Carpet roses, much like other groundcover plants, are prone to pests because of the large surface area they have. Therefore, prevention is vital to keep the pest population at bay. Gardeners often use insect spray or fungicides on the carpet roses to keep off insects or fungi. 

You can also practice preventative measures such as isolation of new plants and immediately removing plants with pests or diseases to prevent the spread. Always practice proper hygiene and sanitation to avoid bringing pests into the area. More so, maintain the ideal environment to discourage insects’ reproduction like aphids or the development of diseases like powdery mildew. 

Unlike other groundcover plants, carpet roses don’t have enough foliage to smother weed. Therefore, you want to use landscape fabric with drip irrigation on top to deter weed growth. You can also mulch under the systems or add a pre-emergent herbicide in early spring or fall to manage weeds.



How To Grow Carpet Roses

You can propagate carpet roses by rooting sections of the stem of a parent plant. Carpet roses typically develop rooted stems in spring or fall that you can dig up and repot. However, remember that the best propagation method will vary on the type of roses you have,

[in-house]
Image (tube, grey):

You may also purchase potted ground cover roses, and you can transplant them in a bigger container or onto the ground outdoors. You can again grow bare-root carpet roses after the frost in the garden the same way you would when planting other roses. Amend the soil with organic matter and water the plants after putting and firming them in place. 

Because of their low-growing habit, you can have many uses for carpet roses. You can use them as borders or barriers for paths and driveways, add texture to a slope or wall, or fill a bed in the garden. However, be prepared that these plants can become leafless during the dormant season. 



One of the best groundcover plants to consider is carpet roses. However, you must know how to care for carpet roses to keep them healthy and looking tidy. To start, grow them in an ideal location to lessen the chances of developing drawbacks and problems. 

You can check the type of roses you have to know where is the best place to grow them. Once you have ensured the ideal location, maintain your plants by watering and fertilizing regularly. Be mindful not to overwater your plants as this can drown them, and you can also boost growth by feeding according to the label. 

You can also keep the roses from overgrowing their space by pruning after the flowering season. Lastly, do the necessary preventative measures to keep the roses from acquiring pests and diseases. Use fungicide or insect spray to keep fungi and pests at bay and maintain stable conditions to discourage growth and spread.